The application of genomics in cancer has led to an improved understanding of the disease. To date, 125 driver genes have been discovered—71 tumor suppressors and 54 oncogenes—that promote tumor growth through 12 cellular signaling pathways.1 These pathways have become the focus of small molecule inhibitor drugs, primarily targeting kinases. While the number of available targeted therapies is limited, more than 800 oncology drugs are in development, many of which are designed to target specific mutations.2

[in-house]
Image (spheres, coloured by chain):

Yet, the tumor genomic landscape is heterogeneous and researchers are finding that it evolves as cancer progresses. While single-analyte companion diagnostics exist, they require investigators to assay each target sequentially. The process is costly, time consuming, and in many cases exhausts the limited tissue available for analysis.
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